October 8, 2020 • History Factory
The following is an excerpt of a conversation featured on the latest episode of History Factory Plugged In between host Jason Dressel and Betsy Hoag of Greentarget’s research and market intelligence team. The pair discuss the impact of past historical practices that might be incongruent with today’s ethical standards.
Jason Dressel: Well, let’s jump into it, Betsy. And first, give us just a quick overview of what was the purpose of the survey?
Betsy Hoag: History Factory wanted to look at awareness of companies in terms of their past practices, involving people, products or processes. In order to look at something like this and really drill down on what the attitudes might be, get the full picture of what these things could entail, and what the longer-term repercussions could be, we wanted to make sure we had a good idea of the C-suite perspective, the investor perspective and the consumer perspective.
And so, some of the sub-objectives of this then were to look at the preparedness of companies to address such practices—some of them may be known or unknown. We wanted to explore the impact that discovery of these practices might have on brand reputation from the three perspectives, and also to understand whether there might be any recourse that companies could take in order to restore brand equity that was lost. To our knowledge, we didn’t see any other such study out there, so we felt like this is ripe for insight mining.
JD: So, the survey was extensively focused on understanding how executives, consumers and investors perceived potential risk to reputation through a disconnect of corporate practices between now and what might’ve been done in the past?
BH: That’s a fair summary, Jason. By the past, these could be things that happened 15, 20 years ago. These could be things that happened 100 years ago. We weren’t giving a timeline on it, but we have noticed that over time when such practices have emerged, they’ve of course made news, and there have been reactions.
JD: When you say practices, what do we mean by that? And how explicit were we in the survey of explaining what these potential practices might be?
BH: It’s a great question because this was where our own definition came into play. We had some flexibility here. Within these practices, the categories were racial injustice, sex or gender discrimination, financial improprieties. We deliberately took out such examples there, like insider trading and such. Environmental negligence was another one, and then supporting potentially divisive political or social causes, which was perhaps the most open to interpretation of our five practice areas. But we felt that was something really important—and really current.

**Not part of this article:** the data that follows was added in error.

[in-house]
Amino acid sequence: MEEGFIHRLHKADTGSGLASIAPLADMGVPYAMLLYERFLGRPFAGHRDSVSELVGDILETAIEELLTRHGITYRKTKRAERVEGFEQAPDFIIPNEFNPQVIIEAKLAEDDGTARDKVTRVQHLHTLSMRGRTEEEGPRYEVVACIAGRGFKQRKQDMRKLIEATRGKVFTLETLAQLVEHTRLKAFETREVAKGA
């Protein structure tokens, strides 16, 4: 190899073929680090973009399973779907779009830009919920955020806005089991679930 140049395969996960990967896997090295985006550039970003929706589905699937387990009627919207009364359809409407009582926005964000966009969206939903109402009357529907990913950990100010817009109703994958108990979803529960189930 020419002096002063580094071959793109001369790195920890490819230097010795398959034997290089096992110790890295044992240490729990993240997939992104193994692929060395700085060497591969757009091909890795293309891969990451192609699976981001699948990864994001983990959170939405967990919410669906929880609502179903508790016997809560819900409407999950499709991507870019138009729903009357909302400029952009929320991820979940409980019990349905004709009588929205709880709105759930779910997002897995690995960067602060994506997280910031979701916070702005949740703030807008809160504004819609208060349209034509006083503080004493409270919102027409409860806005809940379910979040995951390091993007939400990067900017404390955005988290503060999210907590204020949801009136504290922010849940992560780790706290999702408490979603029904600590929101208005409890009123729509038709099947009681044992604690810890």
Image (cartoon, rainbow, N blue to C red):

JD: So, what did we find out? What were some of the key takeaways from each of those three audiences of the C-suite, consumers and investors?
BH: What was really interesting was that we found that they were actually, the three segments—executives, investors and consumers—were pretty aligned on some of the issues, but these were more of the table stakes issues.
We found things like investors were aligned with C-suites on several topics, including the extent to which reputation is going to impact investment considerations behind an organization. But the bottom line was that, in terms of what would affect that brand reputation, we have all of these issues that C-suites might not even know are there. That’s great that they’re understanding the severity of the issues and how they might impact the brand—should they emerge—but how much do they really know about these issues?
The most exciting finding is that 76 percent of the C-suites are saying that they know about practices in their company’s past—that might conflict with the ethics or standards that we would hold them to today. But of that group, only 26 percent of the C-suites said that they would be very prepared to confront those. So, the fact that we have three-fourths or more saying, we know about these practices, but then one-fourth saying we’re very prepared to deal with it. I think that tells us that there’s a little bit of a disconnect here.
A major takeaway for us was the C-suites are potentially in some trouble, should these things emerge. The companies are not necessarily as prepared as maybe they want to be, and investors and consumers, we’re going to hold them to it.
Outside of the fact that investors were aligned with C-suites on the severity of these things, investors weren’t giving the C-suites a free pass to any degree. They were telling us that, a big percentage of them—actually 29 percent—would dismiss investment opportunities outright if they found that these practices were in a company’s past and they weren’t on board with how a company had mitigated. And furthermore, 60 percent said that they would place specific contingencies on the deal.
At the end of the day, consumers were telling us that they would basically dismiss a product or a service if they’re not happy with how the practices have been mitigated. C-suites thought that this would only apply to a select group of consumers, and in fact 60-plus percent were telling us, “No, you’ve lost me forever.”
There are serious ramifications, not only on the investment side but also on the consumer side, on the purchasing of such brands and services.
To hear more about the impact of consumer boycotts and environmental, social, and corporate governance (ESG) on the actions of C-suite, investors and consumers, listen to the rest of the conversation in the latest episode of History Factory Plugged In. Download the full report, “Perils of the Past,” for even more insights.
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